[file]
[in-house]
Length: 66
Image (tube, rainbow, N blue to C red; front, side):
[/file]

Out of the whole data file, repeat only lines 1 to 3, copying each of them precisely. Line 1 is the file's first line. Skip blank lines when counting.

[in-house]
Length: 66
Image (tube, rainbow, N blue to C red; front, side):